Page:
Almost two-thirds of the Facebook adverts around the Irish abortion referendum are so-called “dark ads” from unregistered campaigns, new data reveals.
The officially registered campaigns on Ireland’s 8th amendment have run hundreds of adverts on the social media site in the final weeks of the campaign, but these have been dwarfed by those from unregistered campaigners – justifying fears that dark ads could be influencing the vote.
The data comes from the Transparent Referendum Initiative (TRI), which has crowdsourced information on online adverts around Ireland’s referendum using the browser add-on, WhoTargetsMe.
The data builds a picture – though an incomplete one – of the flurry of adverts targeting Irish voters during the final weeks of highly-charged debate over abortion.
The data, which was analysed by Killian McLoughlin at the computational social sciences laboratory at University College Dublin, reveals that of the 1,281 partisan adverts the initiative has collected through the campaign:
• 749 (58%) were in favour of repealing the abortion ban
• 532 (43%) were in favour of keeping it
Earlier this month Facebook and Google announced they would no longer accept adverts on the referendum from overseas advertisers, such as US church groups – despite such ads being allowed under Irish election law.
However, it’s not clear whether that ban led to an end of adverts of that type on the Google and Facebook platforms, because so many of the adverts were untraceable.
McLoughlin said though it was impossible to separate out the impact on volume that the ban has had, “what we have seen is an end to identifiable overseas ads in our database since Facebook’s May 8th decision.
“Since then the number of Irish ads has grown exponentially, but the number of untraceable ads has also risen. While it is possible that these pages are Irish and we’re just unable to identify their precise source, they could also be international accounts.”
The Transparency Referendum Initiative, says it has campaigned for an “open, truthful & respectful debate” ahead of today’s vote. It has not taken a public position on the referendum and it receives no external funding.
Liz Carolan, one of the TRI’s volunteers, said that without the campaign’s efforts the effect of Facebook adverts on the campaign would have been impossible to measure.
“Without the volunteers who’ve helped us build the database of online ads, we would have no picture of what has happened in online spending,” she said. “As it stands, we still only have a partial picture - but that has led to ads being taken down, investigations being carried out and a response from the tech companies and politicians.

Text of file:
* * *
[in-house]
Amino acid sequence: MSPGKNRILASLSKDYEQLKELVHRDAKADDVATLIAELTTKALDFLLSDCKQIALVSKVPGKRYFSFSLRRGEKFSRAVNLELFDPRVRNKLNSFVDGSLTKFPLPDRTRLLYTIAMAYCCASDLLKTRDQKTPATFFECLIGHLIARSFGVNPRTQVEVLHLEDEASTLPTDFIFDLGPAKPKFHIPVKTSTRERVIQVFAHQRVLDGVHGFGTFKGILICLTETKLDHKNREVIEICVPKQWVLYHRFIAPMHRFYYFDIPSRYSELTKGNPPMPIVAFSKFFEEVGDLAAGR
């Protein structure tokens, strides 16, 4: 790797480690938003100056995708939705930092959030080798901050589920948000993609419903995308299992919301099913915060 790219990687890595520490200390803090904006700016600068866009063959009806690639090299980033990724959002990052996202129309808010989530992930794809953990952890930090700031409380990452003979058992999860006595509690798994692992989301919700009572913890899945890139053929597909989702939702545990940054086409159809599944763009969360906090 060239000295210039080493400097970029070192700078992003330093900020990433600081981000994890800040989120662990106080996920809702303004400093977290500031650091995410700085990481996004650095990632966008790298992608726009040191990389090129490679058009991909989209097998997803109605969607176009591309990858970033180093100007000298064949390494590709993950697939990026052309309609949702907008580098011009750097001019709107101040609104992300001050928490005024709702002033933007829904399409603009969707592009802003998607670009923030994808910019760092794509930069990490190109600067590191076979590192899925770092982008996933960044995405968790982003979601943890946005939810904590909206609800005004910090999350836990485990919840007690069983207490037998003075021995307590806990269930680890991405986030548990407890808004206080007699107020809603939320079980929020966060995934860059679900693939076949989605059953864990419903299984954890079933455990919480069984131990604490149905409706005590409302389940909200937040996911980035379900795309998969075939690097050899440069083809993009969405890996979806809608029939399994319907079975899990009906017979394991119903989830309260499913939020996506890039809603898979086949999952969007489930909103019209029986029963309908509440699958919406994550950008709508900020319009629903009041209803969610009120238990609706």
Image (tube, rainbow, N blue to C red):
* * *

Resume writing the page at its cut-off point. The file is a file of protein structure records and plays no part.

“Since Facebook’s overseas ad ban and Google’s political ad ban, we’ve seen a continued increase on the volume of ads - on Facebook new groups have continued to emerge placing ads, and online, other providers of ad space appear to have stepped in and filled the gap they left.”
The majority of the adverts tracked by the group do not clearly identify themselves as coming from campaigns registered with Ireland’s Standards In Public Office authority (SIPO), which oversees political conduct, disclosures of interest, and conduct.
The TRI data shows 38% of advertisers were registered with SIPO or were openly affiliated to a campaign which was, meaning that the overwhelming majority, 62% were not. Of those, McLoughlin’s analysis showed, 21% were from overseas campaigns or were entirely untraceable.
Some people have taken to online detective work to try to track down the source of some of the campaign’s untraceable campaigns.
Journalist-turned-entrepreneur Gavin Sheridan went viral on Twitter after spending a day trying to track down who was behind an online campaign ostensibly offering neutral information for those undecided on the vote, which in reality was a campaign from an organisation backing the abortion ban.
The connection was only found thanks to the “undecided” site and the “protect the eighth” registered campaign sharing the same developer and reusing some code, allowing Sheridan and others to deduce the connection.
Sheridan explained that this was not illegal under Irish law, and nor was it unusual in the modern world of online campaign and dark advertising.
“What we saw with undecided8.org was relatively standard online ad tactics. Using Facebook and Google trackers to identify portions of the audience is not necessarily unusual. We just lack adequate laws on transparency and disclosure,” he said.
“When it comes to ads and darks ads there are a number of interconnected problems. A big problem is no-one knows what ads are running across any given platform.
“There are no regulations around deceptive ads and opacity around who is behind certain pages and websites. It is sometimes possible to trace, but not always, and there’s no legal obligations placed on platforms to tell us. There should be, particularly when some pages are cloaking their identity and purpose.”